Priestly Formation in Korea, Re-envisioned

UCA News has reported that two forward-looking changes are being made in the guidelines for priestly formation in Korea.

The first is the practical implementation of lifelong learning into the system, so that seminary formation and ongoing clergy education will be integrated.

The second is that education in abuse prevention and training in how to handle crimes will be included in seminary education.

To my knowledge, the abuse crisis has not been exploding in Korea particularly, yet they are being pro-active in addressing it. I give them high marks for this.

I am also intrigued by the incorporation of a lifelong learning perspective into formation. This is right, I believe, and guards against the all-too-familiar phenomenon of complacency after ordination — something which can also contribute to clericalism.

The principles of lifelong learning are enshrined in all the church’s catechetical documents, yet it’s my impression — at least here in the U.S. — that they are only weakly observed when it comes to clergy. Perhaps if these principles are experienced in and among church leaders, they will better understand its value and promote this experience for the whole Catholic people. That would be a good thing.

These may seem like rather modest changes, but I believe that it’s steps such as these that lead to greater integrity in the training and ongoing formation of Catholic clergy today.

The UCA News story can be found here. 

 

 

 

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4 comments

  1. Ongoing clergy education at present can easily be seen as convocations of the priestly fraternity: No deacons, no women religious, and no lay leaders.

  2. Thanks for your comment, Jack, and for raising this issue.

    I think you are quite right, though I have encountered a couple of exceptions in small dioceses (Gaylord Michigan and Shreveport Louisiana come to mind). For a few years I presented on a team at a lot of priests’ gatherings and they were usually offered through the continuing education programs of dioceses, so I got a general picture.

    The sad thing to me is that in quite a few instances it seemed that the men really did not have any interest in ongoing formation or continuing education, and came in mainly to check a box. The attitude that “we know it all” was not universal, but it was pretty prevalent. You felt that they almost would “lose face” if they admitted to themselves that they were continuing to learn, and that this process continues all the way up to death!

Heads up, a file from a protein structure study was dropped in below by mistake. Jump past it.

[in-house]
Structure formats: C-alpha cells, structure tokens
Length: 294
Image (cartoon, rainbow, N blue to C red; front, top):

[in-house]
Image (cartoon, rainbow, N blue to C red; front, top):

So the structures were in place, but there wasn’t what you’d call a “culture of lifelong learning” that you see in other professional groups, especially among the sisters and lay pastoral workers. Perhaps for that reason, whenever we had a mixed group, the energy in the room was better. Your observation is well taken.

    What I hope the Koreans succeed in doing is in fostering that culture of learning, in preference to feeling “it’s all done” once the oils have dried.

    1. Rita–I find that this can be prevalent in all groups. I see it in my private sector job, and admit that I often go into these obligatory continuing ed classes with the same attitude. “I have to be here and am sitting here to get the credit, check the box, etc. There’s a pile of work back at my desk that I need to be doing and yet I have to be here.” And sometimes, the classes are just not relevant, just plain boring, or badly presented. There’s a lot of reasons why people are resistent to continuing ed.

      1. Hi John,
        I agree that it’s in the nature of adults to want to learn things they will use, and on their own schedule. A bureaucracy that doesn’t treat people like adults, and does not ask them what they need in the first place, is likely to be met with indifference at best or resentment at worst. But I think there is something about lifelong learning that is important, spiritually important, in the church, and if the way it is handled does not set a spark on fire for this sort of learning, we need to ask why.
        I flatter myself by recalling that by the end of the events at which I presented the organizers frequently said they were amazed at how the guys stayed to the end, or took notes, or even stayed late to write evaluations, which were always very high. But why should this amaze them? When I go back to my alma mater for a lecture or event, I am always fed and come home thinking — even if I didn’t like some of the presenters or agree with all of them — “this was worth doing.”

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